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briarrosebb

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All,
This post is SEO inside baseball FWIW. I'm posting because this is subtle enough that I've had trouble remembering, but important enough that I want to remember... so I think it's helpful to some here.
Indexed pages is simply what's the count of pages that a search engine has indexed from your website. It has some value in understanding how well your website is doing. The slacker's way of arriving at this is to use google's "site" command... however, this command is notoriously inaccurate.
Then I ran into this post from a leading SEO authority:
http://www.seomoz.org/blog/indexation-for-seo-real-numbers-in-5-easy-steps
Basically, what he is saying is get "traffic sources" from Google Analytics, narrow by "search engines", then narrow by the particular search engine, and then filter by "landing page"... changing it from the default "keywords" filter.
I think he is assuming incorrectly that you must have traffic on all of your indexed pages... a bad assumption I think. I think also this is insufficient. I add to his steps to export to Excel and then delete a lot of junk:
  • query strings will create multiple pages for a single page... delete
  • Rezovation's sloppy ASPX booking engine is going to create a lot of bogus booking engine pages... delete
  • referrals from google's cache ... delete
  • we do some development in the production environment... so we'll get test pages indexed... delete
Anyway, for the last three months shows us with 84 pages when the reality is we have 90 plus pages. But this is better than the site command.
 

swirt

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Randal Fishkin's method is interesting, and gives you a different set of numbers to look at. Can be pretty useful if you are dealing with a site with thousands of pages. He is really introducting it as a method for web analists to use as a number to communicate with "bosses" who want to know how their huge online store is doing. Consider it a landing page count. I wouldn't put much stock in the method for small sites. It's a lot of hoops to jump through to come up with what amounts to a 5 or 6% variation in your particular site's count. Google's index can easily match that variation from day to day.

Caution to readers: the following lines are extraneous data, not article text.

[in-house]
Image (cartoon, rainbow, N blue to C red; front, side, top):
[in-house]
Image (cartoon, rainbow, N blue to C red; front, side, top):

For the most part, the site: command in google is accuarate, especially when looking at the size sites that are typical for a B&B. (not to get the site: command confused with the link: command which is only a small sampling of reality). If the count changes from one day to the next, it is usally a sign that something has happened and the actual number of pages in the active index has changed. The change may not be for any particular reason, but it actually changed. Example, this site has nearly 6000 pages but a few weeks back Google was showing only 400 indexed ... then 40,000 indexed... then 500. Things have finally settled out to around 1600 which is about right for this site. Google doesn't bother with the old threads too much. That doesn't mean that when the count was showing only 400, that the count wasn't accurate..it was accurate for that instant in time and that particular datacenter. Large variations like that are usually a sign of some large index re-vamping on Google's part (a roll-back to an earlier index, or an adjustment to let a penalty filter get applied to all the sites in the index.) Google "dances" used to play out over the course of a week or so ... now they play out practically in real time and sometimes the dance wobbles are too visible as google makes changes to the indexing and filtering methods (which are probably best thought about as being separate from their ranking algorithm.